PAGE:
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How Roald Dahl Came Up With the Nonsense Words in The BFG

Kirstin Fawcett
Roald Dahl's first wife, Patricia Neal, seen here wearing an eyepatch in the aftermath of a stroke, was the inspiration behind the language in The BFG.
Roald Dahl's first wife, Patricia Neal, seen here wearing an eyepatch in the aftermath of a stroke, was the inspiration behind the language in The BFG. / Keystone / Getty Images
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Fans of Roald Dahl’s 1982 children’s book The BFG know that the whimsical work is dedicated to Dahl’s daughter, Olivia, who died from measles encephalitis when she was seven years old. However, New York Magazine’s Melissa Dahl writes that the cheerful tale was also inspired by another somber story: Dahl’s first wife’s battle to speak after she suffered a series of strokes.

In a 2015 issue of The Lancet Neurology, writer Peter Ranscombe details a speech given by neurologist Tom Solomon, who serves as director of the Institute of Infection and Global Health at the University of Liverpool. At the Edinburgh International Science Festival, Solomon described how Dahl’s first wife, Patricia Neal, had a hard time conjuring words after the strokes damaged her parietal lobe—the part of the brain that interprets letters and words, among other functions.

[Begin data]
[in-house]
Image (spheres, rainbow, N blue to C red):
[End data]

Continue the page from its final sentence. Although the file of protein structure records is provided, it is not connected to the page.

Because of this, she’d often ended up saying meaningless phrases, like “porteedo” instead of “torpedo” or “muggled” instead of “confused.” And Dahl included some of these neologisms into The BFG, peppering the work with lighthearted nonsense words that had much more serious origins than his delighted readers ever realized.

[h/t New York Magazine]

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